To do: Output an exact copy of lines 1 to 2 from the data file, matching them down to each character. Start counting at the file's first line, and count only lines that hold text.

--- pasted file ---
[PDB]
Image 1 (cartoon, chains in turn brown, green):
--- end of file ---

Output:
[PDB]
Image 1 (cartoon, chains in turn brown, green):